Most importantly, the new law will apply to all parties, even those already in operation like the Baath. They would have to apply for a license from scratch, based on the above mentioned laws and regulations. The Baath can meet those requirements, having operated in Syria since 1947, but it is highly doubted that other parties in the NPF (with the exception of the Communist Party and the Syrian Social Nationalist Party) can survive in a truly pluralist system. The only reason people joined those mediocre socialist parties in the first place was because they had a pre-set quota in government and parliament -- given to them by the Baath. If the Baath itself is no longer in a position to reward its allies for their loyalty, it is highly doubtful that NPF parties will continue to exist. Meaning, the entire NFP needs to be canceled, and new parliamentary alliances should be allowed to emerge, free from Baath Party domination.

A lesson from history

At one point, not too long ago, Syria had one of the healthiest democracies in the Middle East. That of course was in addition to 47 political periodicals published throughout the country, ranging between dailies, evening papers, weeklies and monthlies. No less than 10 political parties operated in a truly multi-party system, legalized not through a party law, but by a "political party clause" in the constitution of 1928. During the first parliamentary elections of 1932, for example, two parties competed for the presidency, along with three independents. The two parties, now dead, were the Monarchial Party, which strove to restore a Hashemite throne to Syria, and the National Bloc, a coalition of urban notables who worked to bring down the French Mandate in Syria. Five Syrian politicians ran for presidential elections back then, and one of them, the independent millionaire Mohammad Ali al-Abed, became the first president of Syria.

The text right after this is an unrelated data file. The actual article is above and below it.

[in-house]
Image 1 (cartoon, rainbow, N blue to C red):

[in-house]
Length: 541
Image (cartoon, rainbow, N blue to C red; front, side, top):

In the post-French era, a wide array of political parties emerged: the National Party of Damascus, the People's Party of Aleppo, the Syrian Communist Party, the Social Cooperative Party, the Baath Party, the Arab Socialist Party, the Syrian Social Nationalist Party (SSNP), and the Muslim Brotherhood. In 1953, a new party emerged, being the Arab Liberation Movement (ALM). All of them were collectively outlawed -- their offices closed and their newspapers suspended -- when the Baathists came to power in 1963. Not all of these parties were politically mature, however, by today's standards, but they created a healthy system that needs to be re-visited in order to learn lessons from Syria's modern history in anticipation of a new Syrian party law. The National Party and People's Party, for example, had no ideology, but rather, represented the commercial and political interests of Damascus and Aleppo. The People's Party strove for union with Iraq whereas the National Party was allied to Saudi Arabia and Egypt. The SSNP wanted to establish Greater Syria, doing away with the artificial borders of the Sykes-Picot Agreement. The Muslim Brotherhood strove for a theocracy in Syria, whereas the Communists wanted a classless Marxist society.

The founders of these parties are all long dead -- but their legacy lives in history books, popular culture, and the minds of Syrians who are still around to tell the story of how Syrian politics used to be, prior to 1963. The healthy environment enabled seasoned politicians like Michel Aflaq, Rushdi al-Kikhiya, Khaled Bakdash, and Shukri al-Quwatli, and Fares al-Khury to create and lead political parties in Syria. The democratic system allowed for a rotation of power: the National Party ruled Syria between 1946 and 1949 only to be replaced -- through the ballots -- by the People's Party during the years 1949-1951. One might argue that the current environment dictates a new reality. A real democracy needs plenty of training and experience, along with new Aflaqs, Kikhiyas, and Quwatlis -- who to date, are yet to emerge in Syria. This will happen only when the Baathists accept the hard reality that they have to share power and can longer rule Syria if not mandated to do so by a majority of Syria's 22 million. Currently, the Baathists boast of 2.8 million members but that number is likely to drop significantly once the party loses its status as "leader of state and society." When equality prevails, Syrians of all colors (the Baathists certainly included) can work, hand-in-hand and shoulder-to-shoulder, to build a true democracy for Syria.